Paycheck’s legacy is nothing BUT sad. That said, the worst offense by far is that Paycheck’s contribution to country music often begins and ends with “Take This Job and Shove It” for an alarming number of country music fans. The man has no real legacy to speak of; 80% of his albums aren’t in print and most of them weren’t particularly successful to boot. The only people who appreciate him are folks like us, but that he was something of a one-hit wonder just makes it worse. You could say similar things about everyone on this list, but I think Paycheck was far more influential than he’s given credit for. You mention him getting into the Hall of Fame, but that’d require people to actually remember him.

        But, I’m not telling you anything you don’t already know, I’m just venting my frustration.


        1. Well, I do prefer the Little Darlin’ stuff, but that doesn’t mean I don’t like the Epic stuff. I like both strawberry and chocolate ice cream, but I prefer strawberry.

          The image of the Epic years was fake, but the music was not. Granted, certain songs may have been released to bolster the image, but overall the Epic stuff was great.

          Regarding the Hall Of Fame, which has already rendered itself irrelevant anyway, my point was that Paycheck not only is the biggest name on this list, but he’s also the only one that might ever be considered for induction. I don’t believe anyone else on here even has a ghost of a chance.


          1. I think Gene Watson has at least as good a chance at getting inducted as most major tier stars from the classic era who haven’t already been inducted.

            and to say that “Take this Job” is Paycheck’s great contribution is a little false, because both “Old Violin” and “Only Hell my Mama Ever Raised” have been recorded within the past few years. In fact Larry Cordle and Michael Cleveland got an “event of the year” nomination for a version of “Old Violin.”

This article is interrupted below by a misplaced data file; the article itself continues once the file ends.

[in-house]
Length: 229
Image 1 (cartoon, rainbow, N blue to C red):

is Paycheck’s stuff so out of print that it can’t be found on Ebay or Amazon? I’ve never found anything post 1965-ish to be particularly hard to get, although it can get a little on the expensive side. Although admittedly I also check Goodwill and the Salvation Army for old records and tapes…

            and yes, the CMHoF is awful, but it’s still one of the best halls in the industry because at least it doesn’t let anybody in, and tries to maintain some exclusivity.

            My personal HoF vendetta is getting Freddy Fender in, so we each have our own little personal beefs with the hall…


          2. Fuzzy, what I said was that “Take This Job and Shove It” is what Paycheck is primarily known for to most people, not that it was necessarily his greatest song or whatever. Re-read my comment. “It Won’t Be Long (And I’ll Be Hating You)”, “Pardon Me, I’ve Got Someone to Kill”, “The Outlaw’s Prayer”, “I Did the Right Thing”, “I’m the Only Hell (My Mama Ever Raised)”, “In Memory of a Memory” and “Old Violin” are all great songs and some of my favorites by him that I would rank above “Take This Job” in a heartbeat. But they weren’t really big hits, and “Shove It” was. I was LAMENTING that fact. Paycheck’s Little Darlin’-era material was great, but the label closed down after going bankrupt because they didn’t really sell. Most people had no idea who Paycheck was until “Job” and soon forgot right afterward. That’s a musical crime.

            As for his albums, the Little Darlin’ stuff tends to be rare for the reasons I outlined above. The Epic Records stuff is basically pennies on the dollar, give or take an album or two. His ’90s albums are where things get messy; there’s one he made in 1991 called The Last Outlaw that was only released on cassette and sold at concerts. I read about it on another blog: When I cleaned up Paycheck’s discography over at Wikipedia (similarly to the job I did for David Allan Coe’s) I made sure to include it. I even asked the author of that article to post it on YouTube should he ever consider converting it to digital so the rest of the world could hear it.